No Place For Truth

“The disappearance of theology from the life of the Church, and the orchestration of that disappearance by some of its leaders, is hard to miss today but, oddly enough, not easy to prove. It is hard to miss in the evangelical world – in the vacuous worship that is so prevalent, for example, in the shift from God to the self as the central focus of faith, in the psychologized preaching that follows this shift, in the erosion of its conviction, in its strident pragmatism, in its inability to think incisively about the culture, in its reveling in the irrational. And it would have made few of these capitulations to modernity had not is capacity for truth diminished. It is not hard to see these things; avoiding them is what is difficult. . . . The stakes are high: the anti-theological mood that now grips the evangelical world is changing its internal configuration, its effectiveness, and its relation to the past. It is severing the link to historical, Protestant orthodoxy. It is emancipating contemporary evangelicals to form casual alliances at will with a multitude of substitutes for this orthodoxy. And the reason for this is that what that orthodoxy had and what contemporary evangelicalism so often lacks is a theology at its center that defines the faith and prescribes the sorts of intellectual and practical relations is should establish in the world”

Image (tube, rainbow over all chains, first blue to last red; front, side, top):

– David Wells (No Place For Truth, p. 95, 96)


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